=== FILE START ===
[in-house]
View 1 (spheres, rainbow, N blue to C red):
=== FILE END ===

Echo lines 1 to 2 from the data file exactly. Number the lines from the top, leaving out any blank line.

[in-house]
View 1 (spheres, rainbow, N blue to C red):